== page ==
Newborn baby routines

Baby in bed 4.jpg

Should my baby have a routine?

This is a question I get asked a lot, especially when it comes to baby sleep. And although it seems a simple question, there is a lot to unpack here because ‘routine’ can many many different things.

At its most simple, a routine is a predictable set of repeated events, and this is widely accepted as important for babies. Offering a predictable environment allows them to feel comfortable and confident as they find their way in the world.

But their continuous development means babies by their very nature are always changing, which means their routine needs to be flexible. This may seem contradictory, but it’s the most important point - inflexible routines have great potential to cause babies and parents a lot of grief.

Let’s get one thing sorted, babies don’t need a routine imposed upon them. They need predictability and flexibility.

Newborns and sleep routines

After birth, babies don’t do anything predictably. They have irregular eating, waking and sleeping patterns that are changing all the time as they develop at a rapid rate.

Some popular writers argue that you should enforce a routine early on to avoid problems later. This is often called sleep training, but at this stage of life it isn’t appropriate to impose a strict routine on a baby because it’s not normal. The routine itself can cause so many sleep problems.

Sleep patterns will always change (unfortunately)

Some newborns bless their parents with predictable sleep patterns and some don’t. But all babies go through natural developmental stages, and this is when their patterns will become unpredictable - they’ll be more irritable and getting them off to sleep will be more difficult.

It’s not fun (in fact it’s unspeakably exhausting!) but it’s all a very normal part of development.

Your desire for a routine is understandable

As a parent, the quest for predictable and extended periods of sleep is perfectly understandable. Often our desire to have some control in the day, and some respite, means we fixate on our babies sleeping.

The exhaustion that comes with interrupted sleep overnight as well as the unending task of getting them to take multiple naps during the day means sleep (or the lack of sleep) dominates every day and night.

But imposing a pattern is not the answer, even if it feels like the best idea in the short term.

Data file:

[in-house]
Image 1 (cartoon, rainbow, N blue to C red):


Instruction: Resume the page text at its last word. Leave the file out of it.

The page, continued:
Sleep training interrupts development

By training a baby into routines we are forcing them out of their natural growth and development behaviours. Some say routine is necessary to ensure baby sleep, but having worked with literally thousands of families, I can assure you babies without ‘training’ do perfectly fine.

In fact, in our pursuit of sleep we can unintentionally cause a baby to be more unsettled at sleep time, and therefore cause a sleep problem that didn’t initially exist.

Don’t force a routine - find a rhythm

What babies need is a rhythm that supports their natural cycles. When they’re tired it’s sleep time, when they’re hungry it’s feeding time and when they’re awake and engaged it’s time to chat.

If you’re tempted to get your baby into a routine, try following their natural cues. Through behaviours and cues your baby will give you the direction you need and you can start to find the predictability in each day.

Overtime, without training, you will see a pattern emerge that is very similar to the imposed routines. Be guided by your baby rather than a schedule or a clock.

Keep it flexible, mindful, caring

Many studies have found that predictability and anticipation is calming for babies. For example, when your baby is tired and you dim the lights, sing a lullaby and give them a cuddle, they’re more able to fall asleep.

But if they’re overtired, then this may not be enough. The normal predictable behaviours may not be enough and they may need more help to get off to sleep. Also, they may wake more overnight or earlier than normal.

Every day will be different, and so it’s important to watch for different signs and cues so you can offer your baby what they need in each moment. It’s not about watching the clock and relying on rigid time schedules, but being mindful of your baby.

One last thing

If you’re thinking of training your baby into a strict routine, please remember that this is a very short period of time. Your baby is developing and soon they will establish a daily pattern that works with their physical needs.

Soon their natural pattern will resemble the pattern that you want to achieve through ‘training’ now.

And yes, they may move in and out of this pattern, and sometimes they will be unpredictable, irritable or hard to get to sleep. But this is a sign of the phenomenal development they’re experiencing. And they will soon move back into a natural groove again.

It’s not easy and we’re here to help

Living with a new baby and learning how to help them through their first year can be amazingly challenging and exhausting.

Please get in touch with us if you’d like more info any help.

Helen’s books also have great ideas on predictable daily routines that are respectful of your baby’s behaviours and development.


Author: Helen Stevens. RN. RM. MCHN. Manager of Clinical Services, Education and Research.
Parent Infant Consultants. 0411880720.